Today is the first day of Kwanzaa, when we celebrate Umoja, a Kiswahili term meaning unity and togetherness. This includes the unity we share as members of an extended family and community, as well as our collective connections that we have with all life on the planet.

In honor of Kwanzaa, we spent part of today helping our friend Tara put a green roof on her chicken coop, baked cookies to share, and also made a delicious vegan lunch from the backyard garden. The spirit of togetherness and unity is always better with snacks.

While thinking about how to build community unity, I have also been pondering various creative ways that people have been investing their time, now that so many of our fellow citizens and neighbors are unemployed. Innovative locally based solutions and informal economies, like food carts, community farms, barter, regional currency and time banks, are becoming increasingly popular.


Bay Area Community Exchange


In addition to growing her own food, harvesting rainwater, composting and raising chickens, my friend Tara also participates in a local time bank. The time barter group is called Bay Area Community Exchange (BACE); and though it is just a couple of years old, the time bank is helping individuals to strengthen their communities by sharing their own unique gifts and skills with one another.

SF BACE Currency

The time exchange works like a local bank, but it keeps track of actual hours invested in the community, instead of paper money. The currency is time, and everyone’s time is equal. For every hour that you spend doing something for someone in your neighborhood, you earn one hour in exchange labor.

My friend Tara sometimes exchanges a dozen of her chickens’ organic eggs, recycled rain barrels, banana nut bread, locally made honey or a home made Sunday brunch, for other people’s traded labor or goods. On their website, BACE explains a little about how the time exchange works:

” A community timebank is like having an extended family to help out. Whether you give a music lesson, take care of someone’s pet, or take someone to a doctor’s appointment, one hour given equals one hour you can then use. The BACE Timebank honors the unique gifts, talents and resources that each of us has to share, regardless of age, employment or ethnic background, such as tutoring, yard work, repairs, running errands, and storytelling. Timebanks also help enrich our lives with things we may not normally be able to afford, like language lessons or massage. Spending time dollars instead of cash, can help you save money for expenses like rent, medicine, and food.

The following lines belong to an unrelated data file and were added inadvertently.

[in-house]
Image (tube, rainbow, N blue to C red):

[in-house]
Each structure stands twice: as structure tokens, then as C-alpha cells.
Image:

The formal economy is unstable and currently in a recession, but we can create community resiliency through the informal economy, providing a different kind of security based on relationships, trust, caring, and reciprocity. Many other countries have large informal economies that help people meet their basic needs through local connections, as did this country earlier on. By participating in the timebank, you are creating a more caring culture and healthy community to live in that will help take better care of all of us in the long run.

Timebanks have been helping to rebuild the informal, village economy for over twenty years. There are now over 300 communities in 22 countries that are using this (pay it forward) system to help their communities grow and thrive.”

For more information on how to get involved with the time bank, please visit their website: